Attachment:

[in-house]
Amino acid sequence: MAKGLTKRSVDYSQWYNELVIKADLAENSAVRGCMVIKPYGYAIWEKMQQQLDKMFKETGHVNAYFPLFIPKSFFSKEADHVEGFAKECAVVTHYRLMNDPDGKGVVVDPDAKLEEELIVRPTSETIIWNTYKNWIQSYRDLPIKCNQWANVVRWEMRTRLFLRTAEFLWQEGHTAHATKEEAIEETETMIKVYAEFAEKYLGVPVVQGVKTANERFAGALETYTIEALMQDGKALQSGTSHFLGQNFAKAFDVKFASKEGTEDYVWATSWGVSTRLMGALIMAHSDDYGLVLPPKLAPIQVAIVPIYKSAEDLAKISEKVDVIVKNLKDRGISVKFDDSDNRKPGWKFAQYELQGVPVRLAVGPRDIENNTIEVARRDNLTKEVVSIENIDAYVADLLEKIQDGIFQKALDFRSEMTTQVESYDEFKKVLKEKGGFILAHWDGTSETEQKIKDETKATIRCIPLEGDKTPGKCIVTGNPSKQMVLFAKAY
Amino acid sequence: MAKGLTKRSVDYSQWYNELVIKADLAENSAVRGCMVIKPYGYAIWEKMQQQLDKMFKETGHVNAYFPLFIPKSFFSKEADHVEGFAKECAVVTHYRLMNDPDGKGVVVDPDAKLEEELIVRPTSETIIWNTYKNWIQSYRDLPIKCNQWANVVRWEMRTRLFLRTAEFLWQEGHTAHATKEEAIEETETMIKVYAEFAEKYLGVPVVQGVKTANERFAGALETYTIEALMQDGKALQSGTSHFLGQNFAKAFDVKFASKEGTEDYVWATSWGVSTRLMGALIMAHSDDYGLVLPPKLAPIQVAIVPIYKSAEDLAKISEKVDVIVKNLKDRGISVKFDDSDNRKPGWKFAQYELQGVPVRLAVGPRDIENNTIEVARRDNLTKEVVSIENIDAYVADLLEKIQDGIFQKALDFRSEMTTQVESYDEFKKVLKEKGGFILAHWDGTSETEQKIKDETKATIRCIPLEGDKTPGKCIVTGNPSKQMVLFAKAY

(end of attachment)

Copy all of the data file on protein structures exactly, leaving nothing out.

[in-house]
Amino acid sequence: MAKGLTKRSVDYSQWYNELVIKADLAENSAVRGCMVIKPYGYAIWEKMQQQLDKMFKETGHVNAYFPLFIPKSFFSKEADHVEGFAKECAVVTHYRLMNDPDGKGVVVDPDAKLEEELIVRPTSETIIWNTYKNWIQSYRDLPIKCNQWANVVRWEMRTRLFLRTAEFLWQEGHTAHATKEEAIEETETMIKVYAEFAEKYLGVPVVQGVKTANERFAGALETYTIEALMQDGKALQSGTSHFLGQNFAKAFDVKFASKEGTEDYVWATSWGVSTRLMGALIMAHSDDYGLVLPPKLAPIQVAIVPIYKSAEDLAKISEKVDVIVKNLKDRGISVKFDDSDNRKPGWKFAQYELQGVPVRLAVGPRDIENNTIEVARRDNLTKEVVSIENIDAYVADLLEKIQDGIFQKALDFRSEMTTQVESYDEFKKVLKEKGGFILAHWDGTSETEQKIKDETKATIRCIPLEGDKTPGKCIVTGNPSKQMVLFAKAY
Amino acid sequence: MAKGLTKRSVDYSQWYNELVIKADLAENSAVRGCMVIKPYGYAIWEKMQQQLDKMFKETGHVNAYFPLFIPKSFFSKEADHVEGFAKECAVVTHYRLMNDPDGKGVVVDPDAKLEEELIVRPTSETIIWNTYKNWIQSYRDLPIKCNQWANVVRWEMRTRLFLRTAEFLWQEGHTAHATKEEAIEETETMIKVYAEFAEKYLGVPVVQGVKTANERFAGALETYTIEALMQDGKALQSGTSHFLGQNFAKAFDVKFASKEGTEDYVWATSWGVSTRLMGALIMAHSDDYGLVLPPKLAPIQVAIVPIYKSAEDLAKISEKVDVIVKNLKDRGISVKFDDSDNRKPGWKFAQYELQGVPVRLAVGPRDIENNTIEVARRDNLTKEVVSIENIDAYVADLLEKIQDGIFQKALDFRSEMTTQVESYDEFKKVLKEKGGFILAHWDGTSETEQKIKDETKATIRCIPLEGDKTPGKCIVTGNPSKQMVLFAKAY